Why Gold Is Still the Best Money
The comments below are an edited and abridged synopsis of an article by Doug Casey
It’s an unfortunate historical anomaly that people think about the paper in their wallets as money. The US dollar is, technically, a currency. A currency is a government substitute for money. But Casey says that gold is money.
Historically, many things have been used as money: Salt, cattle, seashells, cigarettes. So, money is simply a medium of exchange and a store of value.
Almost anything can be used as money, but some things work better than others; it’s hard to exchange things people don’t want, and some things don’t store value well. Over thousands of years, precious metals have emerged as the best form of money.
There’s nothing magical about gold. It’s just uniquely well-suited for use as money among the 92 naturally occurring elements available, in the same way aluminum is good for building aircraft, or uranium is good for nuclear power.
There are good reasons for this, and they are not new. Aristotle defined five reasons why gold is money in the 4th century BCE. Those five reasons are as valid today as they were then.
The definition of money is something that functions as a store of value and a medium of exchange. Government fiat currencies currently function as money, but they are far from ideal. What are the characteristics of a good money? A good money must be: Durable, divisible, consistent, convenient, and intrinsically valuable.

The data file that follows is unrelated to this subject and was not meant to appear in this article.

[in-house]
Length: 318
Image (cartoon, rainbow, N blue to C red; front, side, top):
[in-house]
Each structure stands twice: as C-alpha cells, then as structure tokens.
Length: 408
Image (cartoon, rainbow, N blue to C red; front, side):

There’s a sixth reason Aristotle should have mentioned, but it wasn’t relevant in his age: Gold can’t be created out of thin air.
These are the reasons why gold is the best money. It’s not a gold bug religion, nor a barbaric superstition. It’s simply common sense. Gold is particularly good for use as money, just as steel is good for buildings and paper is good for books. If you try to make aircraft out of lead, or money out of paper, you’re in for a crash.
That gold is money is simply the result of the market process, seeking optimum means of storing value and making exchanges.